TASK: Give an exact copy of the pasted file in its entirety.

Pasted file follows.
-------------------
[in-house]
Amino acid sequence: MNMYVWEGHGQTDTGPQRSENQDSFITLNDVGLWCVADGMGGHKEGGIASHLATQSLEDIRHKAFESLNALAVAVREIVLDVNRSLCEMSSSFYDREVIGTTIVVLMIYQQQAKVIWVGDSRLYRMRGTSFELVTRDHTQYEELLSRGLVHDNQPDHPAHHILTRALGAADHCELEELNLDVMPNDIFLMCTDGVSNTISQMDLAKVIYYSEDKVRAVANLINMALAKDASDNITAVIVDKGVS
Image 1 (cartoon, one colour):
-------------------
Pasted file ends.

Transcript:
[in-house]
Amino acid sequence: MNMYVWEGHGQTDTGPQRSENQDSFITLNDVGLWCVADGMGGHKEGGIASHLATQSLEDIRHKAFESLNALAVAVREIVLDVNRSLCEMSSSFYDREVIGTTIVVLMIYQQQAKVIWVGDSRLYRMRGTSFELVTRDHTQYEELLSRGLVHDNQPDHPAHHILTRALGAADHCELEELNLDVMPNDIFLMCTDGVSNTISQMDLAKVIYYSEDKVRAVANLINMALAKDASDNITAVIVDKGVS
Image 1 (cartoon, one colour):